U.S. AGENCY FOR INTERNATIONAL DEVELOPMENT
WASHINGTON, DC 20523
FOR IMMEDIATE RELEASE
Monday, January 10, 2000
Contact: Gabrielle Bushman
Washington, DC - The U.S. Agency for International Development (USAID) today announced that 12 African nations have been targeted to receive additional fiscal year 2000 funding under President Clinton's LIFE (Leadership and Investment Fighting an Epidemic) initiative.
Ethiopia, Kenya, Malawi, Mozambique, Nigeria, Rwanda, Senegal, South Africa, Tanzania, Uganda, Zambia and Zimbabwe have all been selected by USAID to receive additional funding to fight the AIDS pandemic in FY 2000. These countries were selected due to the severity of the epidemics and the commitment of their governments to stopping the spread of HIV/AIDS.
The U.S. government is the world leader in responding to the global pandemic of AIDS. USAID's budget for AIDS in 2001 will be approximately $250 million, a 100 percent increase from 1999.
"The U.S. government is on the forefront of the international efforts to respond to the needs of vulnerable communities around the world," said J. Brady Anderson, administrator of USAID. "There is no quick fix to cure this pandemic. But as staggering as this problem is, we can do something about it, and with the money provided through the LIFE initiative - we will."
The new funding will increase prevention efforts to vulnerable populations. Additionally, the funds will provide better support for those sick and dying of AIDS, help children who have become AIDS orphans, provide pregnant women with access to new treatments to reduce infections in their newborns and build health infrastructure in these countries.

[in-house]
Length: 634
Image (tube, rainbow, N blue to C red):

AIDS is the leading cause of death in Africa, killing twice as many people as malaria and eight times as many as tuberculosis. Each day, more than 10,000 people are infected in sub-Saharan Africa - the equivalent of one every eight seconds. In many of the countries targeted by USAID, over 40 percent of elementary school teachers are already infected. Military ranks are being thinned by high levels of HIV infection, threatening the stability of many countries. In the countries most severely affected, the annual growth rate of the Gross Domestic Product (GDP) will be reduced by approximately one percentage point per year.
Also today, Vice President Gore announced there will be an additional $100 million in next year's budget to fight AIDS in the developing world, funds that will reinforce the U.S. commitment to fighting the AIDS pandemic. Of these new funds, approximately half will be used by USAID to continue and expand its programs in 46 countries around the world.
Since 1986, the U.S. government, through USAID, has dedicated over $1.2 billion dollars for the prevention and mitigation of this epidemic in the developing world. The U.S. Agency for International Development is the U.S. government agency that provides development and humanitarian assistance to the developing world.